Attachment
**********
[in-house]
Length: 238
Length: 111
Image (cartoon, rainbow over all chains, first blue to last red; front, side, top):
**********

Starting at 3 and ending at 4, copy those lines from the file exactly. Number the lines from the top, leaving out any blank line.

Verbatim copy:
Length: 111
Image (cartoon, rainbow over all chains, first blue to last red; front, side, top):